This book explores the changes that have occurred as regards the production structure, trade and society in Central America and the Dominican Republic, and how these have influenced the countries’ growth trajectories. One of the conclusions it reaches is that the subregion overall has enjoyed faster economic growth than the rest of Latin America over the two decades examined, which has helped to raise people’s incomes and living standards. Yet this progress falls far short of what is needed, given the high levels of poverty and indigence and the glaring inequalities suffered by much of the population in Central America and the Dominican Republic.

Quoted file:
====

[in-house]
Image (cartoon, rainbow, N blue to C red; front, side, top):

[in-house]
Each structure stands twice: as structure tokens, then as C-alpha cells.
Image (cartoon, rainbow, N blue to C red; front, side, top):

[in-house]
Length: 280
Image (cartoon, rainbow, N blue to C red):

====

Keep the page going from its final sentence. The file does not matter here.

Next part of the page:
If the subregion is to attain higher levels of development with equality, one of the challenges it must tackle urgently is to adopt a strategy for changing its production structures and forging ahead with subregional integration, in order to correct productivity lags and income gaps. Another piece of unfinished business is to broaden the scope of action of fiscal and monetary policy, with a view to raising public investment, deploying countercyclical policies and developing greater resilience to external shocks.